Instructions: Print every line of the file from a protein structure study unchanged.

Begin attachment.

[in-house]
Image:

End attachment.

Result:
[in-house]
Image: